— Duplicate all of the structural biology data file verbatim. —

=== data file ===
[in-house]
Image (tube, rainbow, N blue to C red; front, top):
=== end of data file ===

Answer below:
[in-house]
Image (tube, rainbow, N blue to C red; front, top):